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Red-throated Diver Energetics Project

Can red-throated divers accommodate the effects of displacement by offshore wind farms?

JNCC Statement on Red-throated Diver Energetics Project Fieldwork in Scotland during the Coronavirus Pandemic

On 23 March 2020 the UK government issued new measures to reduce the spread of coronavirus. This includes staying at home except for exceptional essential reasons. Whilst it is possible to leave the house to take exercise, this should only be done with members of the same household. See https://www.gov.uk/government/publications/full-guidance-on-staying-at-home-and-away-from-others for more information.

Fieldwork for the Red-throated Diver Energetics Project would not be compliant with these measures. The work would require working with people from other households and leaving the home for non-essential reasons.

It is essential that those involved with the Red-throated Diver Energetics Project in Scotland follow the latest UK Government advice to ensure their own safety and well-being and to prevent the transmission of the virus. Consequently, JNCC will not be contracting fieldworkers to work in Scotland during 2020. In addition, JNCC strongly discourages fieldworkers from choosing to voluntarily undertake fieldwork on the project during 2020. We ask fieldworkers to follow government advice, which is currently to remain at home.

We hope that we will be able to resume fieldwork in 2021.

If you have any questions, please contact rtd@jncc.gov.uk.

JNCC, 26 March 2020

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Summary

Offshore wind farms cause displacement of red-throated divers but the consequences are unknown.  This project aims to obtain empirical data on the proportion of time divers spend foraging, from which their ability to accommodate additional energetic costs of displacement can be inferred.

Red-throated diver on a loch (@ Petteri Lehikinen / Avescapes)

Red-throated diver on a lake. (Photo: Petteri Lehikoinen / Avescapes)

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Work involved


Red-throated divers are tagged with geolocators and time-depth recorders to reveal where and for how long divers forage during the non-breeding season. Adults breeding in Scotland, Finland and Iceland were tagged during the 2018 and 2019 breeding seasons, with tags retrieved during 2019 and further retrievals planned for 2020. Data analysis will provide an indication of where each individual wintered and detailed information on dive depth, duration and frequency. If divers forage for only a small part of each day, it could be inferred they are easily capable of meeting their energetic requirements in the non-breeding season and so may have the capacity to accommodate the additional energetic costs of displacement.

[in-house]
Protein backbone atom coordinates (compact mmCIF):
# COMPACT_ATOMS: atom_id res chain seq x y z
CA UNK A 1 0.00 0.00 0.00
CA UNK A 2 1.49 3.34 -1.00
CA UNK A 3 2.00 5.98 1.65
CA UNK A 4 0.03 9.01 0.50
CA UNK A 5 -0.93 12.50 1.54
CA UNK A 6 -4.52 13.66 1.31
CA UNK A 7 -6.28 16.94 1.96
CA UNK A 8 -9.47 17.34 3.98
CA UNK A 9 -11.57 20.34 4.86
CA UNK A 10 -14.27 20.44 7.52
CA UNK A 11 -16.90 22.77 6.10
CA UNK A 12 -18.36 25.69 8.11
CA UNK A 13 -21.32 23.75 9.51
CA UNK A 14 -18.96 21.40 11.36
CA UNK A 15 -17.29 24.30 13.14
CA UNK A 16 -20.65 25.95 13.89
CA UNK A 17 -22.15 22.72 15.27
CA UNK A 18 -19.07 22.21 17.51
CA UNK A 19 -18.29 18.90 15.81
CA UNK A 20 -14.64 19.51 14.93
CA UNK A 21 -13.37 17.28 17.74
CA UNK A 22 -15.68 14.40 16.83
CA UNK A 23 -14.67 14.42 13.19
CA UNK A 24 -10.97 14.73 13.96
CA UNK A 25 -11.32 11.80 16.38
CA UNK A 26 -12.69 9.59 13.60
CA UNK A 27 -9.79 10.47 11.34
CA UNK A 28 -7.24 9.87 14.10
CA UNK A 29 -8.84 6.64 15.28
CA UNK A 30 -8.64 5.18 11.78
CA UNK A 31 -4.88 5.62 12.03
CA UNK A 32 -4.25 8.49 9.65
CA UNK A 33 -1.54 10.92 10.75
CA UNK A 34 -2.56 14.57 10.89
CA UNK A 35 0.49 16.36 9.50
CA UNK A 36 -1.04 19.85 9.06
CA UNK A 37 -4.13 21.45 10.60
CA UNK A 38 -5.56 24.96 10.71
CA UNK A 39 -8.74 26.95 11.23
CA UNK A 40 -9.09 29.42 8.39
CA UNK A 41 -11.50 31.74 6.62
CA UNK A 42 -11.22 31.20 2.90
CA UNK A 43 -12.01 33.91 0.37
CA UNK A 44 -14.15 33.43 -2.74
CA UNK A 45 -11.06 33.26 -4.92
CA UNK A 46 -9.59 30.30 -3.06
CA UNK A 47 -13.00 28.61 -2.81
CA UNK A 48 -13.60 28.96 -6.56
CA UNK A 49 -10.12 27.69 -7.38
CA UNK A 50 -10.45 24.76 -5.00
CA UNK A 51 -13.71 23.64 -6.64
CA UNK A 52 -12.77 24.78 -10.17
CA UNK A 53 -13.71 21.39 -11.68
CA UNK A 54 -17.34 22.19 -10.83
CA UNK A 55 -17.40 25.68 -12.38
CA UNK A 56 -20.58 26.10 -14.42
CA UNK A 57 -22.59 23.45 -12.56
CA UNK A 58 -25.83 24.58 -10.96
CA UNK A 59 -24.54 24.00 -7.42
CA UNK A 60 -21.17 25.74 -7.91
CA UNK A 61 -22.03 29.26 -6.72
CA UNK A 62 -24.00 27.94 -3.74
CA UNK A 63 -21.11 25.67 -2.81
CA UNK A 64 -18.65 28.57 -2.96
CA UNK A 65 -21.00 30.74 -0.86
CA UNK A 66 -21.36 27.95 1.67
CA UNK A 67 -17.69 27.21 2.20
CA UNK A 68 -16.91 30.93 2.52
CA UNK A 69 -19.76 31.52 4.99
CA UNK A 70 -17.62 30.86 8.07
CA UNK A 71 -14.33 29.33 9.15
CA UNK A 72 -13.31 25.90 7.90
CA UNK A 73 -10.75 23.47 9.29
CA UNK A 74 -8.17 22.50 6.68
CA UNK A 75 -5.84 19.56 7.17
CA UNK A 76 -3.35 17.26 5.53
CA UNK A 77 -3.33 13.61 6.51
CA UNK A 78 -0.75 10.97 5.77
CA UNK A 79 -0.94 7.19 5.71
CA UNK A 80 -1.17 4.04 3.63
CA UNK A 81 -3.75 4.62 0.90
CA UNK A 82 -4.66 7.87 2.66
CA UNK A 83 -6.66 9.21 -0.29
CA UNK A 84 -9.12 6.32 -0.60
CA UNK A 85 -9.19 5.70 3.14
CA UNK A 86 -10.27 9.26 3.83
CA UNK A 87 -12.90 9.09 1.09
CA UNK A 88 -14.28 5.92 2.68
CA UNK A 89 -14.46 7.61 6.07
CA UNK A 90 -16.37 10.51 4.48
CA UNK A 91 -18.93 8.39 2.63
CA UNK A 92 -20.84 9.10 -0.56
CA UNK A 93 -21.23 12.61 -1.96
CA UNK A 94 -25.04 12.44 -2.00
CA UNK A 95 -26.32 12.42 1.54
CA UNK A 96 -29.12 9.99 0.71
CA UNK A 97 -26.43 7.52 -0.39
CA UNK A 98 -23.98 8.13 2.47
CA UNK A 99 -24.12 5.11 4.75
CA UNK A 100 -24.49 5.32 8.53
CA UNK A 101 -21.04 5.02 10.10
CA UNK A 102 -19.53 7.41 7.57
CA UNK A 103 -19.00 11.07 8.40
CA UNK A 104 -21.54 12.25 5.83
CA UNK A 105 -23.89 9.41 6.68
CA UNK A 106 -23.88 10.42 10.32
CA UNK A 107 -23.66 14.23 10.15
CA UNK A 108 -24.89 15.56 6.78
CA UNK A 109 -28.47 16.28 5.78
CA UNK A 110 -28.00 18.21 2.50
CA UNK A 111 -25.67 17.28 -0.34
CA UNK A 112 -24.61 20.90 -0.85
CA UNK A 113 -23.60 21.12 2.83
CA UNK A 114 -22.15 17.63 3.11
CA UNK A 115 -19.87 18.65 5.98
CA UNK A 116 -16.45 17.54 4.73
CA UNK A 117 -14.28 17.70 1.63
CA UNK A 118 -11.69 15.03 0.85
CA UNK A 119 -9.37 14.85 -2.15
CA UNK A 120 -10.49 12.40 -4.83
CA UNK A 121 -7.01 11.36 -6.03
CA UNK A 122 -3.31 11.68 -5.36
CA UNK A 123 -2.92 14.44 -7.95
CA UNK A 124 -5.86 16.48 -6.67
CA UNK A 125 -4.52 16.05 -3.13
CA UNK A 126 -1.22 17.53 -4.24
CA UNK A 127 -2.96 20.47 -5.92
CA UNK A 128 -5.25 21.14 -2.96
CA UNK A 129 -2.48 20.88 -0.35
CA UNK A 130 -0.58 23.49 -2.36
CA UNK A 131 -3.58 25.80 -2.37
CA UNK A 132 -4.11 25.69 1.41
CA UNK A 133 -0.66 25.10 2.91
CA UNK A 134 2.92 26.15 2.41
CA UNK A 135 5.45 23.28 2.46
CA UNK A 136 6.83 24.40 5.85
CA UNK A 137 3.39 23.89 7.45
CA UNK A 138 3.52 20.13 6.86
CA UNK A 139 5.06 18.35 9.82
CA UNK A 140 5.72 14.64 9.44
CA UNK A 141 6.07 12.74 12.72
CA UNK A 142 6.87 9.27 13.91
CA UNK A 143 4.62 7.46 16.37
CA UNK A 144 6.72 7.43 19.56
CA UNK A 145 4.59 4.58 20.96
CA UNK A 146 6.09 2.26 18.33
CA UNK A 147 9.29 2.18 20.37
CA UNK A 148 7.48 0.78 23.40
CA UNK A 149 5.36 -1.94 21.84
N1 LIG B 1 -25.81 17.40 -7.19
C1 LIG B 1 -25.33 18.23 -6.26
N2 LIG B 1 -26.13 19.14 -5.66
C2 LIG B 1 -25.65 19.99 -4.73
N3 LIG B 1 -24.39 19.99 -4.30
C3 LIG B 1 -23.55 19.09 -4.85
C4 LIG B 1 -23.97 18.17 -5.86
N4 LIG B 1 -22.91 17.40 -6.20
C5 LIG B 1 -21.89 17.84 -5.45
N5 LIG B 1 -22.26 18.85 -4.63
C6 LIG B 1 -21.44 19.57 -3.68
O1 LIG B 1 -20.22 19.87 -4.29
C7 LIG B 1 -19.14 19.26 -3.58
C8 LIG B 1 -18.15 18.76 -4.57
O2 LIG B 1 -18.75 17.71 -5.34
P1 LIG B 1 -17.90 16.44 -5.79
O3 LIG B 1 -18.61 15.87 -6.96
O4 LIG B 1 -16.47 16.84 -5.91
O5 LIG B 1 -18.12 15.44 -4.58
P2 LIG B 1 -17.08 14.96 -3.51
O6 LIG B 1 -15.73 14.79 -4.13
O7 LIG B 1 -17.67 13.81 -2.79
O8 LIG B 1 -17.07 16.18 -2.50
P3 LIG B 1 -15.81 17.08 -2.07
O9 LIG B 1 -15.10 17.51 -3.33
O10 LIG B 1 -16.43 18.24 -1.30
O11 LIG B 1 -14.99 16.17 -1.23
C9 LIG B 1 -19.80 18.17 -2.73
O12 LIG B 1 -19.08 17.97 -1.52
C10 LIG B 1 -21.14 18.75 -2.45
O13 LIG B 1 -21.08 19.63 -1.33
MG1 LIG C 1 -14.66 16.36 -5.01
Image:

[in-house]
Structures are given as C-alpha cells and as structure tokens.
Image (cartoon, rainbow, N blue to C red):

Birds are fitted with special rings and tags to track location and record time and depth of dives. (Photo: Petteri Lehikoinen / Avescapes)

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Key outcomes

  • Improve knowledge on diver activity budgets and energetics;
  • Fill a key marine industry knowledge gap on the capacity of divers to accommodate offshore wind farm effects;
  • Decrease consent risk for future offshore wind farm development in areas of high diver density.

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Key partners

This project, initiated, developed and delivered by JNCC, comprises a strong international partnership of government, industry, academia and ornithology experts in Denmark, the UK, Finland and Iceland. It is funded by government (BEIS Offshore Energy SEA fund, managed by Hartley Anderson Ltd), industry (Ørsted, Equinor, Vattenfall) and by The Crown Estate. Additionally, the Red-throated Diver Energetics Project includes a CASE PhD studentship, funded by NERC and the University of Liverpool, with JNCC as CASE partners.

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Reports and work products

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